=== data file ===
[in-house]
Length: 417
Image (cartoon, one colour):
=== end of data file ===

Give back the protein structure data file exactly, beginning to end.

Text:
[in-house]
Length: 417
Image (cartoon, one colour):